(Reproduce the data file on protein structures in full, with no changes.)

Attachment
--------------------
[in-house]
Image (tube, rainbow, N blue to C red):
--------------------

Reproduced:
[in-house]
Image (tube, rainbow, N blue to C red):